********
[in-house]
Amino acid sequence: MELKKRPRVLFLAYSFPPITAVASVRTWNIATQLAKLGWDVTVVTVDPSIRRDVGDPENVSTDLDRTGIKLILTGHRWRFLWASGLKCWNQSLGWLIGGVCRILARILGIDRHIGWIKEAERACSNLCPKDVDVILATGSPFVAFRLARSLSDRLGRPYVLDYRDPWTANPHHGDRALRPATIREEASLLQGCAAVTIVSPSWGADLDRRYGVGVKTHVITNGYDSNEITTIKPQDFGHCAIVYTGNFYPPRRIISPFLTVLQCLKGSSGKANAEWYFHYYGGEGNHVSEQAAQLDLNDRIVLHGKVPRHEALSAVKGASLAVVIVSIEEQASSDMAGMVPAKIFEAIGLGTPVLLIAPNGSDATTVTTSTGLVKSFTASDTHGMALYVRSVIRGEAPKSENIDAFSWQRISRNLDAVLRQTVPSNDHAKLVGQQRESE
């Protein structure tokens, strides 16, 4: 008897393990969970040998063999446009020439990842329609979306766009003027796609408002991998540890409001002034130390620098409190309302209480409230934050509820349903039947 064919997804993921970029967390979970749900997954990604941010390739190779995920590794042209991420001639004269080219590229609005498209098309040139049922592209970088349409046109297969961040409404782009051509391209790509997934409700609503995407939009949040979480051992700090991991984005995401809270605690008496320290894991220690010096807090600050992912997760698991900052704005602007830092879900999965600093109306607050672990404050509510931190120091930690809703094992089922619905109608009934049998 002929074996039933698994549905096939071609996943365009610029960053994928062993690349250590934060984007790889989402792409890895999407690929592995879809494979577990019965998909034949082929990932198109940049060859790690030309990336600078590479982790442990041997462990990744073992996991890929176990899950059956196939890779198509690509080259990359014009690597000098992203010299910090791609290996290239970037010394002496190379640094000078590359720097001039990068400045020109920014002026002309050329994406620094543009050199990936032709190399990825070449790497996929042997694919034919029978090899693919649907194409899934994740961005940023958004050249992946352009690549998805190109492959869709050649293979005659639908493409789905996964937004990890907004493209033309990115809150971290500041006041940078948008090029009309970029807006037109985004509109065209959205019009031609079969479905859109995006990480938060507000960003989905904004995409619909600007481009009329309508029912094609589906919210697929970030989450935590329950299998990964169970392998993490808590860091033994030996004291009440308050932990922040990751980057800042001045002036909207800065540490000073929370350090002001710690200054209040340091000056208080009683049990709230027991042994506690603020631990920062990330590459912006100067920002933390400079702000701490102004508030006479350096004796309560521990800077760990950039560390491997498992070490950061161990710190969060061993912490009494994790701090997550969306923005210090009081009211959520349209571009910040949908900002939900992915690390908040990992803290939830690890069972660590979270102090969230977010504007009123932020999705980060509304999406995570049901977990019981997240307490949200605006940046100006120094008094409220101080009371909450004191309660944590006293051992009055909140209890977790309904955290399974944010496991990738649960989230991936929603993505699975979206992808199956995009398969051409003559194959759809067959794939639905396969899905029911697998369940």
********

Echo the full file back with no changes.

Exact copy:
[in-house]
Amino acid sequence: MELKKRPRVLFLAYSFPPITAVASVRTWNIATQLAKLGWDVTVVTVDPSIRRDVGDPENVSTDLDRTGIKLILTGHRWRFLWASGLKCWNQSLGWLIGGVCRILARILGIDRHIGWIKEAERACSNLCPKDVDVILATGSPFVAFRLARSLSDRLGRPYVLDYRDPWTANPHHGDRALRPATIREEASLLQGCAAVTIVSPSWGADLDRRYGVGVKTHVITNGYDSNEITTIKPQDFGHCAIVYTGNFYPPRRIISPFLTVLQCLKGSSGKANAEWYFHYYGGEGNHVSEQAAQLDLNDRIVLHGKVPRHEALSAVKGASLAVVIVSIEEQASSDMAGMVPAKIFEAIGLGTPVLLIAPNGSDATTVTTSTGLVKSFTASDTHGMALYVRSVIRGEAPKSENIDAFSWQRISRNLDAVLRQTVPSNDHAKLVGQQRESE
């Protein structure tokens, strides 16, 4: 008897393990969970040998063999446009020439990842329609979306766009003027796609408002991998540890409001002034130390620098409190309302209480409230934050509820349903039947 064919997804993921970029967390979970749900997954990604941010390739190779995920590794042209991420001639004269080219590229609005498209098309040139049922592209970088349409046109297969961040409404782009051509391209790509997934409700609503995407939009949040979480051992700090991991984005995401809270605690008496320290894991220690010096807090600050992912997760698991900052704005602007830092879900999965600093109306607050672990404050509510931190120091930690809703094992089922619905109608009934049998 002929074996039933698994549905096939071609996943365009610029960053994928062993690349250590934060984007790889989402792409890895999407690929592995879809494979577990019965998909034949082929990932198109940049060859790690030309990336600078590479982790442990041997462990990744073992996991890929176990899950059956196939890779198509690509080259990359014009690597000098992203010299910090791609290996290239970037010394002496190379640094000078590359720097001039990068400045020109920014002026002309050329994406620094543009050199990936032709190399990825070449790497996929042997694919034919029978090899693919649907194409899934994740961005940023958004050249992946352009690549998805190109492959869709050649293979005659639908493409789905996964937004990890907004493209033309990115809150971290500041006041940078948008090029009309970029807006037109985004509109065209959205019009031609079969479905859109995006990480938060507000960003989905904004995409619909600007481009009329309508029912094609589906919210697929970030989450935590329950299998990964169970392998993490808590860091033994030996004291009440308050932990922040990751980057800042001045002036909207800065540490000073929370350090002001710690200054209040340091000056208080009683049990709230027991042994506690603020631990920062990330590459912006100067920002933390400079702000701490102004508030006479350096004796309560521990800077760990950039560390491997498992070490950061161990710190969060061993912490009494994790701090997550969306923005210090009081009211959520349209571009910040949908900002939900992915690390908040990992803290939830690890069972660590979270102090969230977010504007009123932020999705980060509304999406995570049901977990019981997240307490949200605006940046100006120094008094409220101080009371909450004191309660944590006293051992009055909140209890977790309904955290399974944010496991990738649960989230991936929603993505699975979206992808199956995009398969051409003559194959759809067959794939639905396969899905029911697998369940």